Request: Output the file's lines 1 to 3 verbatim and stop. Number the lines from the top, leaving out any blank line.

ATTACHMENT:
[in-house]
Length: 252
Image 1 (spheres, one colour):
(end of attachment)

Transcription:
[in-house]
Length: 252
Image 1 (spheres, one colour):